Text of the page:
If however scientists could be "tolerant" of religion the way they are of mathematics, then we could achieve something greater. It would be a start at least! Achieve this, and then integrate it into society at large. Idealistic? Perhaps, but it is still worth trying.
I don't mind coexistence with religion, but religious people seriously need to practice their religion in their bedroom and in their bedroom only. As soon as you theists cross over the line and try to interfere with my life through politics, law, and lifestyle, than you can go shove it up you know where and expect no mercy from me.
You wrote: Holy books do not define God in terms of material attributes. The best a scientist can do is to confirm that God is not a material object. But that would not be a surprise to sophisticated theologians; they have already accepted that God is a spiritual entity. But what does it mean to say something is a "spiritual entity?" The stuff of thought? An idea?
Comment 14 (L.K.)
I wish I knew how to answer. Ask a theologian. They spend years debating various aspects of the spiritual world. But do not expect them to describe God in terms of physical attributes, such as mass, height, shape, color, etc. Spirituality is God, and everything associated with God. My basic assumption is that scientific attitude toward our material world, and belief in God, can coexist peacefully. Neither believers nor nonbelievers should be ridiculed.
For most scientists, there is absolutely no problem with religion or spirituality. It really is only when religion tries to extend its influence beyond the sphere of spirituality into science that things begin to get contentious. For example, when young earth creationists suggest that the earth is 6000 years old, or that noah really brought 2 of every species onto the ark (including dinosaurs), etc... that scientists begin to have a problem with religion.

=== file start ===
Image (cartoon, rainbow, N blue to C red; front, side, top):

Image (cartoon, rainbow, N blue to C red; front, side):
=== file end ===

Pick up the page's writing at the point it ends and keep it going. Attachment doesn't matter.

Personal spirituality is really even something that most scientists think about. In fact, there are many leading scientists, mathematicians, etc... who have a very strong spiritual base but continue to do outstanding scientific work- without letting their religious doctrine influence the evidence. If you would like a good example of this... see Martin Gardner. Martin was really one of the fathers of the skeptical movement and kept very strong spiritual beliefs. His book, "Fads and Fallacies in the Name of Science" is one of the best books on the topic of critical thinking. For Martin, his spiritual beliefs were something that he held very dear but separate and distinct from evidence based science. He realized that there were likely no rational scientific explanations for his beliefs... but that didn't matter, because they exist outside the realm of science.
Another example is the work that Eugenie Scott has done over the years bridging the gap between some Christians and the scientific method. So, to get back to your original question - I think that peaceful coexistence is entirely possible and is probably the default condition for most scientists. It is only when religion tries to over extend its influence with pseudoscientific ideas like YEC or intelligent design that scientists feel the need to fire back and clarify the scientific position.